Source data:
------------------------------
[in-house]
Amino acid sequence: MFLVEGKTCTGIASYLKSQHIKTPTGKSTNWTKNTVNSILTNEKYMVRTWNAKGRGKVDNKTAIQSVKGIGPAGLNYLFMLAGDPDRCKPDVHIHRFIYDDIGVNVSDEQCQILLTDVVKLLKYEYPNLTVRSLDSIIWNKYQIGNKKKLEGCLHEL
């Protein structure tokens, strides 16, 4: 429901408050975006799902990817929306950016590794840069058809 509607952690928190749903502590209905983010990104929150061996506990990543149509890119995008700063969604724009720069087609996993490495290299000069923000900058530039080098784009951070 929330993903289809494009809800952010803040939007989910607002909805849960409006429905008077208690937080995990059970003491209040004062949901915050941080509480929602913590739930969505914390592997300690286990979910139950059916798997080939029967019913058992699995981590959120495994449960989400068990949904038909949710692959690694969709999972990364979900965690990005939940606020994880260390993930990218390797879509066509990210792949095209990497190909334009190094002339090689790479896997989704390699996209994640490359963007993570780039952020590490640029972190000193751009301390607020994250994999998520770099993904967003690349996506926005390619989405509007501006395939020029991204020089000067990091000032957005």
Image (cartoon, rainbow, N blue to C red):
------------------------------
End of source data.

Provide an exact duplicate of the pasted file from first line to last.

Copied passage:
[in-house]
Amino acid sequence: MFLVEGKTCTGIASYLKSQHIKTPTGKSTNWTKNTVNSILTNEKYMVRTWNAKGRGKVDNKTAIQSVKGIGPAGLNYLFMLAGDPDRCKPDVHIHRFIYDDIGVNVSDEQCQILLTDVVKLLKYEYPNLTVRSLDSIIWNKYQIGNKKKLEGCLHEL
């Protein structure tokens, strides 16, 4: 429901408050975006799902990817929306950016590794840069058809 509607952690928190749903502590209905983010990104929150061996506990990543149509890119995008700063969604724009720069087609996993490495290299000069923000900058530039080098784009951070 929330993903289809494009809800952010803040939007989910607002909805849960409006429905008077208690937080995990059970003491209040004062949901915050941080509480929602913590739930969505914390592997300690286990979910139950059916798997080939029967019913058992699995981590959120495994449960989400068990949904038909949710692959690694969709999972990364979900965690990005939940606020994880260390993930990218390797879509066509990210792949095209990497190909334009190094002339090689790479896997989704390699996209994640490359963007993570780039952020590490640029972190000193751009301390607020994250994999998520770099993904967003690349996506926005390619989405509007501006395939020029991204020089000067990091000032957005």
Image (cartoon, rainbow, N blue to C red):